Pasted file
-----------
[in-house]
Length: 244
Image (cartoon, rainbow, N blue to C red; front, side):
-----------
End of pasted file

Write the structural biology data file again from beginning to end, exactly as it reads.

[in-house]
Length: 244
Image (cartoon, rainbow, N blue to C red; front, side):